The Atlantic

The Middle East’s Authoritarians Have Come for Conservationists

Environmental activists pushing for clean water, restrictions on poaching, and action on climate change have faced prison—or worse.
Source: Alaa Al-Marjani / Reuters

Amirhossein Khaleghi thought he knew danger. For much of the past 12 years, he had tracked Persian leopards and Asiatic cheetahs across the rugged splendor of Iran’s national parks. He would spend months at a time out in the bush, negotiating with sometimes hostile locals (such is his innate affability that he even persuaded notorious poachers to curtail their activities). He would spend months more setting up remote cameras to record the endangered beasts themselves.

It was in large part through Khaleghi and his colleagues’ fastidious and unglamorous work that these big cats, celebrated emblems of Iranian pride, still exist in the country at all. By persuading herders to sell their grazing rights, they’d had some success in carving out sustainable, livestock-free habitats.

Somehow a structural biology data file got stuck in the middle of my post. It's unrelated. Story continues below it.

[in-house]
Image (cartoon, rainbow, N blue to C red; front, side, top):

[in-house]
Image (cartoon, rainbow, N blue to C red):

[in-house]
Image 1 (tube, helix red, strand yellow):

But in January 2018, Khaleghi, a tall, sweet-natured man with a wild mane of hair, suddenly found himself in the sights of a significantly more fearsome foe.

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